I'm not a non-fiction fan, and I have no recollection of where I got the recommendation for this book. BUT, having now read it, I can say that everyone should read this book. D'Antonio has an easily readable and engaging style, so even if you don't love non-fiction, you can get through it easily.
Basically, it follows the life of Fred Boyce, one of the "State Boys" of Massachusetts in the 1950's. But to tell Fred's story is to tell the story of thousands of others - boys and girls caught up in the idea of "eugenics". Here's the dictionary definition of eugenics:
the study of or belief in the possibility of improving the qualities of the human species or a human population, esp. by such means as discouraging reproduction by persons having genetic defects or presumed to have inheritable undesirable traits (negative eugenics) or encouraging reproduction by persons presumed to have inheritable desirable traits (positive eugenics).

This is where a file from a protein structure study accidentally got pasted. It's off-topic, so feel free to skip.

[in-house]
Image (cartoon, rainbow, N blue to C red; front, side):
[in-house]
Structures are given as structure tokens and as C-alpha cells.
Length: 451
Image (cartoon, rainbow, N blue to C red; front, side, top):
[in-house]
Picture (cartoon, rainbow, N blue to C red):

There were people in the early part of this century who believed that we should take all "feebleminded" children and lock them away...not allowing them to be part of society, or to reproduce, and so forth. Many of the children targeted were children like Fred Boyce, foster kids who had simply never had a loving home or any quality education and were therefore considered "retarded" or "feebleminded" when actually they were nothing of the kind.
The story told here specifically is quite interesting. But you're also left with larger looming issues. Which of our beliefs today will someday be considered horrific? Are we making assumptions, or even decisions, about certain people based on looks, language, etc., that will turn out to be horrifyingly wrong? This is a great book, not only for the content of the book, but for the thoughts that will spring from the subject matter. You should read it.